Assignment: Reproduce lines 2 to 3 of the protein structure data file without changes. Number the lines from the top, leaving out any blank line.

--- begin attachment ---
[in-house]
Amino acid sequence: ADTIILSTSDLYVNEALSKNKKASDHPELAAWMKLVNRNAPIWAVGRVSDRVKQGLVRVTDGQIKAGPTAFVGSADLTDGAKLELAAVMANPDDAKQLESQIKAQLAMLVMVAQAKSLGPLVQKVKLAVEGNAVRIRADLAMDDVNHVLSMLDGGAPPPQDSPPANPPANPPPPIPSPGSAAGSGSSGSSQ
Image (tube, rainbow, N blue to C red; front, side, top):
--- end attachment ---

Amino acid sequence: ADTIILSTSDLYVNEALSKNKKASDHPELAAWMKLVNRNAPIWAVGRVSDRVKQGLVRVTDGQIKAGPTAFVGSADLTDGAKLELAAVMANPDDAKQLESQIKAQLAMLVMVAQAKSLGPLVQKVKLAVEGNAVRIRADLAMDDVNHVLSMLDGGAPPPQDSPPANPPANPPPPIPSPGSAAGSGSSGSSQ
Image (tube, rainbow, N blue to C red; front, side, top):